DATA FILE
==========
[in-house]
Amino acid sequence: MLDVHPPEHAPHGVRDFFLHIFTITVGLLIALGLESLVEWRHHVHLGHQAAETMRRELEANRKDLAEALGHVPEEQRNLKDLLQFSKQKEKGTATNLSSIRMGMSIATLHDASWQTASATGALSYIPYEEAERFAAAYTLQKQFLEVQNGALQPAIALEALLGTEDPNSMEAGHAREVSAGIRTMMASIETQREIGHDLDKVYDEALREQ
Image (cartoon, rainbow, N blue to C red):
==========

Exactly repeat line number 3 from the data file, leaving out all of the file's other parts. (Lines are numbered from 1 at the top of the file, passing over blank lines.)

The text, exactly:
Image (cartoon, rainbow, N blue to C red):